Archive for Middle School Life

REPOST: Thoughts On Bullying, Bystanders, and Middle Schoolers

Note: This was first posted over at The Nerdy Book Club, a great sight for fans of children’s books. Recommended.


“To be yourself in a world that is constantly trying to make you something else is the greatest accomplishment.” – Ralph Waldo Emerson.

After I wrote the book BYSTANDER (Macmillan, 2009), I began to receive invitations to speak at middle schools. I was wary at first of being perceived as anybody’s “anti-bullying program.”

I wrote a book. Not a pamphlet, not a list of discussion questions, not a nonfiction guide to bullying. I could not offer a handy list of ten ways to make your school a bully-proof zone. I didn’t even believe in it.

I wrote a story –- that was the tool at my disposal.

Stories are essential to our lives. How could we live without them? We watch television, go to movies, tell tales to our friends and neighbors, conjure dreams at night, play complex video games, read books. Humans are storytelling creatures. We seem to need stories. Something inside us craves stories, we hunger for them, ravenous.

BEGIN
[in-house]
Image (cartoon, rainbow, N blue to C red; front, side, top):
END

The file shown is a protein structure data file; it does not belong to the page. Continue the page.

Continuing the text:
Why is that?

Stories function differently than nonfiction. The characters have a way of worming inside our souls. Robert McKee, in his book, STORY, claims that “Stories are equipment for living.”

Equipment for living.

Our lives race past us, a frantic blur, and we move from the next thing, to the next, to the next, with barely a moment’s reflection.

Stories give us pause. They give our lives form and shape. And time. We turn a page. We consider. We piece together the meaning of our days through the stories we hear.

And we ask of these stories the same question, over and over again: What is a good life? How are we to conduct ourselves here on this earth?